Plus, it was strange to me that Isa does not feel safe leaving Freya with the father, Owen, preferring to house her in a dilapidated mill that is literally days away from sinking into the water; take her on miles-long walks on rundown paths that disappear at high tide; and travel back and forth with her on a train over long distances. God forbid Owen get to watch her from the safety of their home where no sheep are being slaughtered or babies thrown out of windows because of raging fires. Oh no, Freya must be breastfed.
There were also lots of complaints online that the four women shouldn’t be this close because they only went to school together for a few months and haven’t seen one another in almost 20 years. However, I could believe their friendship because it isn’t so much the amount of time they were together but the quality of the time they spent together. From what I could tell from quite well-written scenes, the four got immensely close because they understood one another and had a similar need to escape their lives by running away to the mill. Their friendship was one of the highlights for me and one of the primary reasons I kept reading.
Moving onto the side characters, they are terribly one-dimensional. There aren’t many of them, mind you, but they are horribly developed. There’s Mary Wren, who seems more like a caricature than a real person, especially when described with her “twisted sneer” at the end. There’s Owen, whose character drastically changes so suddenly in the book, I’m left to think he has some personality disorder. I was confused as to how I was supposed to feel about him because Isa herself is confused. She would go back and forth between blaming him and understanding him. She would literally say, “I understand where he’s coming from–but still! How dare he?” almost like a child justifying herself. Owen’s sudden and rapid decline into a possessive, jealous, drunk control freak came from left field, as did Isa’s conclusion she does not love him despite painting him in only a positive light from the first page. Just leave her already, Owen, and take Freya with you. Maybe you can save her from the devil.
The worst side character, however, is Luc. The Lying Game feels like a strange combination of Gothic tales penned by women of classic literature. Firstly, the ambience, setting, and all scream Goth and reminded me of Jane Eyre. But we also get Wuthering Heights in the enigmatic, ill-tempered, and extremely foreign Luc. I’m being sarcastic about extremely foreign. He hails from France, but is often described as borderline barbaric, much like Heathcliff. He seems like a discount Heathcliff, basically. There is also the forbidden romance between foster siblings that end traumatically for all those involved (complete with the two lovebirds sharing a grave), so I kept thinking, “This is Wuthering Heights. But worse.”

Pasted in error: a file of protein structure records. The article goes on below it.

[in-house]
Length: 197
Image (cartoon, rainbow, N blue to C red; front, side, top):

Ending & Conclusion
The ending was not surprising at all. It was incredibly melodramatic, which made me roll my eyes and go, “Really? This happened?” It ended rather abruptly, somewhat predictably, and…strangely. I would have preferred a lot of the fluff from earlier in the book to have been removed for a more conclusive ending that provides actual closure. Even the book stating that the murderer was being impulsive and rash when killing Ambrose seemed more like an admittance that this whole thing was silly. Sure, people have killed for less, but I could not buy into Luc thinking the only option he had was to poison Ambrose. I was not convinced even though I could tell Ruth Ware was trying so hard to convince the readers his motive was motive enough (it was really not). Nor could I imagine the saintly Ambrose thinking, “Oh, Luc just killed me. Well, let me see how I can help him out here…,” and Kate deciding to die with Luc even though she showed only detachment or dislike toward him throughout the book. There was more focus on Isa’s lust for Luc than Kate’s feelings toward him.
In my conclusion, the book was not the worst, but was far from the best, landing in utter mediocrity. I know this was more of a rant than a review, but this book did make me want to rant. I feel like Ruth Ware is rushing to publish book after book, but to go with her beautiful writing, she should try to take time to flesh out a more intricate plot next time. But what do I know? I only wish I could write a novel like The Lying Game. Someday… Anyway, I look forward to her next projects.
What’s your rating? Mine is…
If you still decide to give it a go after ignoring everything I’ve told you because you’ve decided I’m a giant ignoramus, you can purchase a copy for yourself on Amazon. It is currently on sale for $12.54 (this ignoramus will be getting a small commission if you do so because capitalism).